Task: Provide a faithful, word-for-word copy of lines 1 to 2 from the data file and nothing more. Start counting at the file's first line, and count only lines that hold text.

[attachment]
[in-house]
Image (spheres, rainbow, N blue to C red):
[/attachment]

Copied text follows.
[in-house]
Image (spheres, rainbow, N blue to C red):